About Iain White

A secondary school headteacher for 20 years, Iain has now been Principal of Newlands Junior College (NJC) since 2014. Iain’s leadership style has been moulded by observation of leaders in action and extensive study within and beyond the world of education. He has travelled and researched widely in search of inspiration and ideas, having visited schools in Australia, the USA, South Africa, the Irish Republic, Northern Ireland, England and throughout Scotland. Iain is passionate in his belief that everything that our schools do must be in the interests of ‘the weans’. Never afraid to tell it how he sees it, Iain is often asked to speak at national educational gatherings.

NJC is the brainchild of Scotland’s leading engineering entrepreneur, Jim McColl, and opened for its first group of students in November 2014. It delivers a new form of education involving alternative educational programmes aimed at children aged 14 to 16 years old who may find that their current secondary school education does not suit their learning styles or goals, but who nonetheless have potential. The principal focus is on developing positive relationships. All NJC students experience a curriculum designed around four main strands: an academic curriculum focused on learning key skills; vocational education; experiences designed to enhance motivation and personal development; work experience to foster an understanding of the workplace and its demands. It is the emphasis on preparation for work and personal development that is the distinguishing feature of the NJC curriculum.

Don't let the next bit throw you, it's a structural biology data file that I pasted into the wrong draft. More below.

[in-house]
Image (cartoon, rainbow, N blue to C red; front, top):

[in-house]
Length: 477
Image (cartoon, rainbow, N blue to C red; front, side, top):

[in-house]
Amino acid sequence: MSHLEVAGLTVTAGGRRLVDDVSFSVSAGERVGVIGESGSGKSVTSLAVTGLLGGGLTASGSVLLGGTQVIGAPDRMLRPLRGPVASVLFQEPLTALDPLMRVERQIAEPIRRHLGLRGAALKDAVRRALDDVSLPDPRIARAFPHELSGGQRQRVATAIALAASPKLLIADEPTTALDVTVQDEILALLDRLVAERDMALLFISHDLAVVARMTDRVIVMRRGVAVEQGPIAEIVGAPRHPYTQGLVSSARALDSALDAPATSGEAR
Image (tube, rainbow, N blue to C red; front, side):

The NJC goal is that when the students complete the 2-year NJC experience successfully, they enter employment or a place at FE College.

Iain is a Greenockian who now lives in Gourock. In his spare time, his hobbies are his wife and family, golf, ski-ing, playing the bagpipes, Robert Burns, after dinner speaking, watching football, travel, reading, eating out and generally having fun.

Iain’s favourite book is Herman Wouk’s ‘Caine Mutiny’ with all the leadership lessons it contains and songs that are touchstones for him are ‘My Way’, ‘Keeping the Dream alive’ and ‘Enjoy yourself, it’s later than you think’…

Area of enquiry

Hope for the Disengaged: An alternative education experience at Newlands Junior College, Glasgow